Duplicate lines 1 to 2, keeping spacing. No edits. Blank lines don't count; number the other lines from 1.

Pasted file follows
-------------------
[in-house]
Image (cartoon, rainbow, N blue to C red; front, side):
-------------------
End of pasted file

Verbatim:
[in-house]
Image (cartoon, rainbow, N blue to C red; front, side):